By Eryn Finnegan Editor-in-Chief
After months of anticipation and speculation, UMF professors, students and community members gathered in Emery Arts Center to learn which culturally significant works will be taught next school year as the next phase of the New Commons Project begins.
The project was initially met with 155 submissions from 12 counties across the state. From 155, the submissions were narrowed down to 25, and from there to the final 12. The final 12 submissions range from novels to television shows to albums and are meant to showcase cultural works that Farmington and the state of Maine in general finds important and that needs to be taught now.
The final 12 nominations are the American Canoe, Persuasion by Jane Austen, The Simpsons, poetry collection Dirt Road Home by Cheryl Savageau, jazz musician John Coltrane’s album Alabama, street artist Banksy, The Wire, Beethoven’s 6th Symphony, the FEDCO Seed Catalogue, rapper Kendrick Lamar’s album DAMN, James Baldwin’s essay The Fire Next Time, and the novel Inside Out and Back Again by Thanhha Lai.
Kristen Case, a UMF English professor and the head of the New Commons Project, commented that almost every selection had the aim of teaching the audience a lesson. From there, the submissions were narrowed down to two categories: those that teach us lessons such as raising awareness about a political or social issue, and those that teach us values such as love and especially empathy.
“You told us that these works should teach us how to empathize with one another,” Case said as she beamed at the audience. “You told us we should reflect on powerful social critiques, such as James Baldwin’s essay and Kendrick Lamar’s album, acknowledge works that were groundbreaking for their time, such as the canoe, or that they should be personally helpful.”
Astra Pierson, the student representative on the New Commons committee, also commented on some of the works, noting that many works held regional significance as well as personal beauty.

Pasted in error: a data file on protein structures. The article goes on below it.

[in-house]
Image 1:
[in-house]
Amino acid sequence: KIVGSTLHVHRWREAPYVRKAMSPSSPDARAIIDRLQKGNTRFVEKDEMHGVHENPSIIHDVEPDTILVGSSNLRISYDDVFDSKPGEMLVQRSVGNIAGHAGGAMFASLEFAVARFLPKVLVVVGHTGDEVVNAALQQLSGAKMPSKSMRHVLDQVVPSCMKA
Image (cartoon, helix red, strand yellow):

“You told us that we need these works because they teach us about the world, break traditional forms, exercise freedoms, and take risks,” Pierson said. “These nominations provide critiques, speak to this place [Maine] and landscape and people, and help us make it through the hard times.”
Christine Darrohn, another English professor, is optimistic about the works chosen and is thrilled about the broad range of mediums and people represented.
“I’m so excited to see so many different ethnicities and countries and orientations represented!” Darrohn said. “There are so many different pieces and the things you could teach about each of them are endless.”
Prior to the unveiling of the final 12, UMF hosted poet and essayist Lewis Hyde, who spoke “in defense of the cultural commons” and offered his insights into the project, noting that some of the works may run into copyright issues.
Starting in September, The New Commons Project will be taught amongst various entry level courses, as well as its own dedicated class: “Topics in Humanities: The New Commons,” listed as HUM-277H on the mycampus schedule planner under the category “humanities.” According to Case, the methods of teaching these works will range anywhere from writing essays to performing music in concerts based off of the material.
The New Commons Project is made possible by a grant from the Mellon Foundation and the Maine Humanities Council.
To learn more about The New Commons nominations, visit the website at http://newcommons.umf.maine.edu/.
By Eryn Finnegan Editor-in-Chief
UMF recently announced that it will offer a unique array of summer courses called the Nature Term, which will focus on the outdoors of western Maine across multiple subjects.
The Nature Term is the result of a collaborative effort between Academic Provost Eric Brown and Associate Provost and Dean of Arts & Sciences Nic Koban. The term includes both academic and recreational classes that will begin on June 1st. Koban called the program “an attempt at increasing summer enrollment.”
“Eric Brown and I were kicking around a bunch of different ideas,” Koban said. “What Eric had in mind was something to attract people to come to western Maine. We have mountains and lakes and all sorts of opportunities. He felt we could offer some classes that would take advantage of Maine’s natural beauty.”
So far, the program boasts 19 classes that range from four week academic courses such as three creative writing workshops in fiction, poetry and memoir, Environmental Art and Ecological Psychology, to one week recreational activities such as hiking and canoeing. Students will be able to take some classes simultaneously, such as an academic course in the morning followed by a recreational activity in the afternoon.
“We wanted a really flexible four weeks where students can come and learn how to fly fish or learn to kayak and have it coupled with a more traditional academic experience,” Brown said. “What if you could take a four credit writing course and work on your novel in the morning? What if in the afternoon you could go hiking or biking or fly fishing? Those things can mutually inform one another.”
Koban is particularly optimistic about a one week full immersion Swahili course in preparation for a travel course to Tanzania and a course in filmmaking offered by Assistant Professor of Creative Writing Bill Mesce, noting that the latter would be difficult to have during the regular academic year.